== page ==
Monday, April 19, 2010

Rendezvous Pad Breeding Method

If I could I would breed DKB 05 3501 #30, my new import German Roller Male, to every roller hen in my aviary!! He has the beautiful hollow roll that will enhance my roller lines which I originally started breeding in 1982!!

With Border colony breeding taking up my small flights, I will have to use my regular cages 30 inches long by 16 inches high and 16 inches wide for the German rollers and Staffords. Each of these cages will comfortably hold two hens with two nests and a breeder male. In the straight colony breeding method, some of the males are moved on to other hens when the second hen has laid three eggs. This is fine for my Staffords but this year with the new blood, I need to get more production from the two breeding ready German import males.

So for this special male and #34, my second choice from the same breeder, I am using what I call the Rendezvous Pad Method! Each male is established in his own pad. This is important especially with these males as they are not tame like my own birds who hardly resist my catching them. These guys fly frantically resisting me and once moved to a hen cage, either from fright or exhaustion, ignored the breeding ready hens!

In my rendezvous pad method, initially three hens are put in breeder cages with three nests. The first two to start building their nests, will remain in the cage while the lager will be moved to a new cage group.

As the breeding ready hen starts to build her nest, she is moved at 5 pm to one of the males pad and left there until 10 am when she is returned to her breeding cage with her nest. When the hen is placed with the male, if she is ready, he can sense it and will immediately begin singing his macho mating song. Hearing it, she will assume a mating position and all is well. It takes less than a minute, if she is truly ready!! The breeding ready hen will be returned to his cage on the next day for a final rendezvous and then left in the colony cage to finish her nest and lay her clutch of eggs.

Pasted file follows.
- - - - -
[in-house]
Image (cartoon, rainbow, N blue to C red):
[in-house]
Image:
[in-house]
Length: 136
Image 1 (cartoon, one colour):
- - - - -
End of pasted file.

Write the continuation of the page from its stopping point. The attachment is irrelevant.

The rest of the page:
In some cases, I have seen the male ignore the hen, even though she was building a nest, or in a case or two, he chased her but in neither case does he sing or court her. These hens are flirting with nesting and are not ready yet and will be tried at a later date. They can be returned to their cage to continue building. They can fool me by building a nest but not the male, he can separate them quickly!! If possible, I would like to give him a day off between rendezvous but so far, they have a back log of ready hens!!

I did experiments to see if he would be interested in the hens he had courted and mated with earlier once they were laying but in each case, he ignored her and she him. Once a number of years ago, I wanted to breed one of my hens to a special hollow roll male of my friend Janis Klein. I took the hen with me to her house and put her in a flight with her male that Saturday morning while we drank Dr. Pepper and talked birds for a couple of hours. When I left, I took the hen home and put her in a breeding cage with a nest and two weeks later she laid five eggs, all of which were fertile!!



Beautiful Pap Orchid

3 comments:

Anonymous said...

Interesting to note that you move the hen to the cock's cage for mating, which I suppose is the opposite of the "conventional" method.

I know an old breeder who does this with his Borders all the time.Although I still prefer and continue to move the cock around the hens, using the "strike" method. Only if I have a young cock Border that has not mastered the principles of sucessful mating, do I leave him overnight with a hen, if they are compatible and no major fighting occurs I find that the young cock learns the ropes. Alternatively, if I have an older hen who will call to be mated with "any" cock bird I will let the young cocks in, to "have a go"!

I don't know why so many young Border cocks are so clumsy and slow to learn compared to other breeds.

Richard's Roost said...

Is your imported male really an 05?

Linda Hogan said...

The 05 is the breeders region not the year the bird was born. All of the new German birds are last years hatch.